Logging in Binary

Problem

You want to log packets in binary format.

Solution

There are several options available to log packets in binary format.

Use the -b command-line option along with the -l option:

C:Snortin>snort -l c:snortlog -b

Use the -L option to specify a name for the binary file:

C:Snortin>snort -l c:snortlog -L test

Use the /etc/snort.conf file to enable the log_tcpdump output plug-in:

# log_tcpdump: log packets in binary tcpdump format

# -------------------------------------------------

# The only argument is the output file name.

#

output log_tcpdump: tcpdump.log

Use the /etc/snort.conf file to enable the unified output plug-in

output alert_unified: filename snort.alert, limit 128

output log_unified: filename snort.log, limit 128

 

Discussion

To log in binary format, you use the -b command-line option in conjunction with -l. The -b option specifies to log the packets in binary format. You won't see any data output on the screen when you are logging in binary format, unless you also use the -v command-line option. You don't need to specify the -d or -e command-line options, because by default, the binary option logs the entire packet.

C:Snortin>snort -l c:snortlog -b

The previous command creates a file called snort.log.1084553605 in the C:Snortlog directory. In addition, you can specify a name for the logfile by using the -L option. When using the -L option, you don't need to specify the -b option because it automatically logs in binary format.

C:Snortin>snort -l c:snortlog -L test

The previous command creates a file called test.1084554709 in the C:Snortlog directory.

If you run Snort in network intrusion detection (NIDS) mode, you can also perform binary logging by uncommenting the following line from the /etc/snort.conf file:

# log_tcpdump: log packets in binary tcpdump format

# -------------------------------------------------

# The only argument is the output file name.

#

output log_tcpdump: tcpdump.log

Unified logging also logs in binary format; however, it uses a Snort output plug-in to reduce the load on the Snort processing engine. To enable unified logging, uncomment and configure the following output plug-ins in the /etc/snort.conf file:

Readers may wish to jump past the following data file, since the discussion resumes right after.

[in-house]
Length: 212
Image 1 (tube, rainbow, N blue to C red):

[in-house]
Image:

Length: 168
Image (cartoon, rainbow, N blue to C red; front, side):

# unified: Snort unified binary format alerting and logging

# -------------------------------------------------------------

# The unified output plugin provides two new formats for logging and

# generating alerts from Snort, the "unified" format. The unified 

# format is a straight binary format for logging data out of Snort

# that is designed to be fast and efficient. Used with barnyard (the

# new alert/log processor), most of the overhead for logging and

# alerting to various slow storage mechanisms such as databases or the

# network can now be avoided.

#

# Check out the spo_unified.h file for the data formats.

#

# Two arguments are supported.

# filename - base filename to write to (current time_t is appended)

# limit - maximum size of spool file in MB (default: 128)

#

output alert_unified: filename snort.alert, limit 128

output log_unified: filename snort.log, limit 128

Both the filename and file size limit parameters are configurable. Unified logs have a unique, varying number appended to the filename (e.g., snort.alert.1099412241) to ensure that existing files are not overwritten. This number is known as Epoch time: the number of seconds since 01-01-1970.

Binary logging makes logging more efficient because the Snort engine doesn't have to translate the data into human-readable format. Logging traffic in binary mode is far less resource intensive than in other modes. Binary files can then be reviewed later using Snort, TCPDump, Ethereal, or other binary log-compatible programs. If you are using Snort on a high-speed network, such as 1Gbps or greater, you benefit more from unified logging. This allows the Snort engine to write logs and alerts quickly to a binary file, while offloading the spooling and processing to another program. Offloading the processing of the logs and alerts means that Snort can spend more time capturing data, thus decreasing the likelihood that packets are dropped. Use a unified log reader, such as Barnyard, to process the logfiles.

See Also

Recipe 5.9

Viewing Traffic While Logging

Installing Snort from Source on Unix

Logging to a File Quickly

How to Build Rules

Detecting Stateless Attacks and Stream Reassembly

Managing Snort Sensors

Generating Statistical Output from Snort Logs

Monitoring Network Performance

Index



Snort Cookbook
Snort Cookbook
ISBN: 0596007914
EAN: 2147483647
Year: 2006
Pages: 167

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